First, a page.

A $16 Tech Stock to Hit $30 With or Without You
Once again, Louis Navellier gives a big tease with this $16 Nasdaq stock set to hit 30 bucks with or without us. All thanks to this company’s “miracle material” that conducts electricity 30 times faster than silicon- which is the industry standard used in all semiconductors that are found in nearly every electronic device. Louis goes on to say that we will thank him 1,000 times on November 31st, in attempts to get us to join his newsletter. So what could this company be that trading at $16 and will hit $30 with or without us?
Hmm… a “miracle material” way faster than silicon. If that were the case, wouldn’t this material start to be used in all electronic devices?
What could this miracle material be?
Before we go on to identify the company, let’s see if we can figure out what this “miracle material” that’s 30 times faster than silicon is. The front runner to take on silicon right now would be the material Graphene. Graphene is indeed 30 times faster than silicon, and it’s billed as the wonder material of the 21st century with the power to revolutionize micro-electronics, and won its pioneers the 2010 Nobel Physics Prize. Since its discovery, researchers have been working hard to develop commercial uses for this “miracle material”. Such as transistors in circuit boards and computer chips. Graphene transistors would in theory be able to run at much higher speeds and with stand higher temperatures then the industry standard silicon chip. Graphene is also roughly 200 times stronger than steel. From its description you can start to see it’s potential. Faster conducting of electricity and a lot stronger than steel, yet very light. This could have the potential revolutionize touch screens and solar cells, not to mention the size of computer chips.
Chip engineers are always looking to find ways to produce a smaller chip. The smaller the chip the less space needed to house it in an electronic device, leaving room for extra user friendly features in say an iPhone 4s or an iPad2. Consumers always want sleeker, faster, more features and more computing power. Could graphene be the answer?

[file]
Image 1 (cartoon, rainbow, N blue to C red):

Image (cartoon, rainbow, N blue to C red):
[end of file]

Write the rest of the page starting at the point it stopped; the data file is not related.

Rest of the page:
Now that we know what the “miracle material” is that Navallier is talking about let’s find out what $16 stock has their hooks in it. After some research into the material and some in depth market scans in various sectors, it looks like CVD Equipment Corporation (NASDAQ:CVV) is the front runner company that Navallier is teasing us about.
CVD Equipment Corporation (NASDAQ: CVV) is a designer and manufacturer of standard and custom state-of-the-art equipment used in the development, design and manufacture of advanced electronic components, materials and coatings for research and industrial applications. It offers a broad range of chemical vapor deposition, gas control, and other equipment that is used by customers to research, design and manufacture semiconductors, solar cells, carbon nanotubes, nanowires, LEDs, MEMS, industrial coatings and equipment for surface mounting of components onto printed circuit boards. It also operates an Application Laboratory, which develops and manufactures a range of nano and CVD based materials and develops related processes and manufacturing solutions.
And back in May of 2010, CVD announced the signing of an exclusive Distribution Agreement with Graphene Laboratories, Inc. for Chemical Vapor Deposited (CVD) Graphene products. Under the Agreement CVD Equipment Corporation would manufacture CVD grown Graphene based materials and products and Graphene Laboratories, Inc. will market and sell them on a worldwide basis.